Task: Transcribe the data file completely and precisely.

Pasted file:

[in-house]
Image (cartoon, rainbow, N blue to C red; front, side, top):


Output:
[in-house]
Image (cartoon, rainbow, N blue to C red; front, side, top):